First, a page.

by Jeffrey A. Carver



383pp/$23.95/April 1994

Reviewed by Steven H Silver

Jeffrey Carver's Neptune Crossing, the first book of his "Chaos Chronicles" begins a space opera cycle with many of the familiar tropes of space opera, but also missing one of the features of that sub-genre. The novel opens with grounded pilot John Bandicut exploring beyond the permitted boundaries on Neptune's moon, Triton. Falling through the ice, Bandicut discovers an alien artifact and becomes the host to one of the long missing aliens known to have existed on Triton at one time.

Carver's solar system seems to be relatively well-explored. The novel, however, focuses on a small, unknown piece of real estate. As mentioned, Triton is known to have had aliens on it at one point and been an extrasolar object until captured by Neptune. Although the alien metals are collected by humans, no complete alien artifacts or bodies have been discovered. Similarly, humans are not actively searching Triton for clues about its previous inhabitants. There is a small exo-archaeology team on the planet, but they are not a serious attempt at discovering the remains of the aliens.

Once Bandicut becomes a host to his quarx, known as "Charlie," Charlie informs Bandicut that the science of Chaos Theory, in which the quarx are far in advanced of the human race, predicts a catastrophic collision with the Earth. The quarx is not entirely sure what the situation is, and the majority of the novel is spent trying to get around the bureaucratic obstacles which are thrown in their path.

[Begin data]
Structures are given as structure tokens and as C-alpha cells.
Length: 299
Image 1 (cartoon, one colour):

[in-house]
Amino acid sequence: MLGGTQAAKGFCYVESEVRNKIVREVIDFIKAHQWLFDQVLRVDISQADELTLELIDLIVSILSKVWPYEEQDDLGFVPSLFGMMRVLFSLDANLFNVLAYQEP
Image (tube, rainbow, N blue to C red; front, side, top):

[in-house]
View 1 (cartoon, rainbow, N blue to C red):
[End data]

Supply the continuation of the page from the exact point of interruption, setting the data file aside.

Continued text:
Like most space opera heroes, Bandicut is something of a loner. Unlike most, actually does seem to be a loner. Although he knows many of the people who are posted to Triton, he does not like the majority, and few seem to actually know him particularly well. This, of course, is a benefit once he becomes host to the quarx.

The greatest failure of the novel is that it is a space novel in which nothing happens. Nearly the entire book is an inner dialogue between the quarx and Bandicut. This dialogue consists, mostly of the quarx warning Bandicut of impending doom and trying to keep Bandicut from announcing the alien's existence to anyone. Carver's become extremely repetitive in the part of the novel. During this time, the quarx is also attempting to assimilate as much knowledge as possible about humans. Carver does not show us what the quarx is acquiring, however, with the result that the reader is left in the dark concerning much of the background civilization of humanity.

When Bandicut and the quarx finally do discover the specifics of the threat to earth, Carver manages to capture very little of the sense of urgency with which they must act. Instead, Bandicut comes across as more reluctant than the average space opera hero.

Although Carver has some interesting ideas in Neptune Crossing, he includes too much filler to make the book fully worthwhile. The first book of a series (so far at three books), the reader has to wonder if there is any more action in future books or if they only continue the mental running in place which occurs in Neptune Crossing

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